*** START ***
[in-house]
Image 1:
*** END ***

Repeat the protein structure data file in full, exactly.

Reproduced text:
[in-house]
Image 1: